This an autumnal scent is not super-creative in nature, but it is of great harmonious smoothness, richess and velvety intenseness without any heaviness, reminding me structurally at times if earlier Amouage products, e. g. Opus IV but a touch deeper and darker. This scent is exceedingly well blended and the quality if the ingredients is first class, as is the performance. A romantic richness best employed in the evening, as the name suggests. Quays and Clapton in one. 3.75/5.
Review of the vintage formulation:
The opening is quite unique, with the floral dyad of rose and hyacinth is given a darker and deeper character by a generous lashing with galbanum; concurrently it is given a fresher and gently sparkling undertone courtesy of aldehydes. The rose provides a scaffolding for the other notes; it is pleasant and not too deep, whilst the hyacinth really gives this opening a beautiful floral twist and is executed truly masterfully. Very delightful and profound.
Towards to end of the top notes, a jasmine note creeps in, and then a herbal and woodsy light incense develops, which morphs into a myrrh impression that never dominates the whole mix; this myrrh underlines the mix of the other components, providing added depth and richness. It becomes gradually sweeter, initially courtsy of a juicy ylang-ylang, and later due to a tonka undertone; this sweetness is beautifully balanced and never cloying or intrusive.
The base has list the aldehydes and feshness, and the floral side gives way to a more mossy, woodsy and ambery impression.
I get moderate sillage, excellent projection and a truly splendid fifteen hours of longevity on my skin.
This creation, great for cooler spring or autumn days, combines some creativity, high-quality ingredients and superb blending with a performance that truly deserves the 'perfum' epithet. A soft but rich chypre exuding elegance and substance. 4/5.
Opening with a dark green woodsy note, a touch boozy and lashed heavily with galbanum and brightened up a touch by a mandarin/lemony citrus note. Later on a slightly resinous myrrh impression is added. Very pleasant.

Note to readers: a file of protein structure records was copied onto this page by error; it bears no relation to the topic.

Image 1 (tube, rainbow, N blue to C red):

In the heart notes a nice, green jasmine note develops, which, at times, has a herbal undertone. The base adds a mossy note, and the myrrh undertone is still present thoughout this stage; this myrrh, however, never really claims a central rôle in this composition as it does, for instance, in Myrrhe Ardente.
I get moderate sillage, good projection, and seven hours if longevity on my skin.
An agreeable green-citrus-woodsy autumn chypre nlended well whist maintaing good structure. The quality of the ingredients is very respectable. 3.25/5.
Iris with a honeyed woodsy undertone - that is what the top notes convey to me. The iris is light, less intense that in Dior Homme, and more delicate.
In the drydown a gentle and soft patchouli is developing in the background. The wood note morphs into a thin veil of a tenuous myrrh impression that is thinly cast over the whole set. This myrrhe is much more restrained than in Myrrhe Ardente. It fades away very slowly until the end.
I get soft sillage, adequate projection and eight hours of longevity on my skin.
This is a spring scent that is quite soft and thin. It is a delicate, nigh fragile at times, and hence the sweetness is never intrusive. More impressionist olfactory pointillism than stong expressionistic brush strokes. That the original was called Cologne points towards the lack of strength.
Overall a weak fragrance but well crafted, it just score a thumbs-up, barely. 3/5.
Myrrh and opoonax, with a bright and refreshing labdanum - delightful
Soon the freshness recants, and the rest is less interesting: wood and a smoky incense in the backgound.
Adequate sillage, good projection but limited longevity of five hours.
Good start, autumnal, very dull drydown. 2.75/5.
A boozy and slightly cinnamon-laced amber. Softly glowing and delicious the amber is, wamr and wintery.
The drydown adds tea and incence spices, nut quite faded in the base.
The sillage is moderate, the projection is very good and the longevity tem hours.
Autumnal, and very smooth and ambery - 3.25/5.
The opening declares itself as an amber straight away, smooth but with a fresher bergamot edge initially, with judicious doses of marigold and cinnamon combining with benzoin to create the amber impression. This amber is rounded and not sharp at all.
Soon a lovely labdanum develops, together with a very soft patchouli adding additional depth and richness to the amber core. In the base added tonka and vanilla give it a sweet note, but only gently so.
The sillage is moderate, the projection excellent, and the longevity is ten hours on my skin.
A very nice autumnal and versatile amber composition that is very well blended. 3.5/5.